Otton, who wrote the popular book How to Buy a House for a Dollar, says the ACCC is taking a literal interpretation of the book’s title while members of the public would understand that the dollar was just the start of the process.

But the ACCC is concerned the seminars target vulnerable consumers who don’t qualify for bank loans or who are having difficulties meeting their mortgage repayments.

The latest action follows an investigation with New South Wales Fair Trading. We Buy Houses and Otton have previously been under scrutiny in other states with Victorian consumers warned about the seminars in 2012 and Otton being banned from conducting seminars in Western Australia in 2013.

The ACCC frequently warns would-be investors that many consumers have paid thousands of dollars to a wide range of property investment seminar promoters to receive advice. In many cases the strategies presented have been high-risk, involving borrowing excessive sums or borrowing on risky terms, and inappropriate for the investor.

In some instances, people with self-managed superannuation funds have been specifically targeted, although proposals to ban SMSFs from borrowing may curb that.

Some investment seminar promoters use high pressure tactics to coerce people into making investments without independent advice. Some charge unexpected fees and commissions or make false or misleading promises about rent guarantees or discounts for buying off the plan.

Here’s a list of tips compiled from the ACCC’s ScamWatch website and the Australian Securities and Investments Commission’s (ASIC) MoneySmart website on how consumers can protect themselves from losing money as a result of advice from a property investment seminar:

• Use your common sense: the offer may be a scam.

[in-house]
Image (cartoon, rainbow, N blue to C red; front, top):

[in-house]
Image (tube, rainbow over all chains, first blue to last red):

• Remember there are no get-rich-quick schemes: the only people who make money are the scammers.

• Be wary of investments promising a high return with little or no risk. No investment is risk-free. If it looks too good to be true—it probably is.

• Look carefully at the strategies suggested by the seminar to achieve these results. Property typically returns 6-7% a year, year after year. If you're offered returns of 1-2% more than the typically return, get a second opinion and ask for a detailed written explanation.

• Watch out for property deals that include 'rent guarantees' or 'discounts' for buying off the plan. They can involve hidden fees and commissions. The properties can also be over-valued.

• If you are planning to make an investment, consider other costs that may be involved such as legal fees and stamp duty.

• Do not let anyone pressure you into making decisions about money or investments. Do not commit to any investment at a seminar where the atmosphere can be charged and exciting. Investment decisions should only be made after a lot of thinking and after seeking independent advice.

• Remember that family members and friends may try to involve you in a scam without realising that it is a scam: you should seek independent advice (from a lawyer or financial adviser).

• Do not open suspicious or unsolicited emails (spam): delete them. Do not reply to a spam email even to unsubscribe.

• Check with ASIC and the ACCC to see if they have taken any action against seminar promoters or their schemes. Remember that even if ASIC or the ACCC have not taken any action to date, this does not mean the scheme is safe or legal.

• Before you accept an offer to fly interstate to view properties, find out if you must pay for your travel and accommodation if you don’t buy.

• Another twist is to get you to invest in offshore schemes where you lose the protection of Australian laws. You may never see your money again.

Friday, 20 March 2015

Westhill Consulting British Colombia, Hong Kong, Jakarta, USA: Jakarta weighs new land and property tax formula

Indonesian president Joko Widodo's administration is sending mixed signals to the public about new tax regulations on property, as it aims to fill state coffers and introduce populist policies at the same time.

In a bid to meet a revenue target of 1.5 quadrillion rupiah (UScopy14 billion) this year, the government plans to introduce various measures, including revised property tax regulations.

The finance ministry says that starting from April it will adopt a new formula to collect luxury goods tax on landed houses or apartment.